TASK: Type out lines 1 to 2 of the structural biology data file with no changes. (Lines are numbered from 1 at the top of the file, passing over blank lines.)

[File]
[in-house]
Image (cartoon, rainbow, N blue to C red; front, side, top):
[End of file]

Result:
[in-house]
Image (cartoon, rainbow, N blue to C red; front, side, top):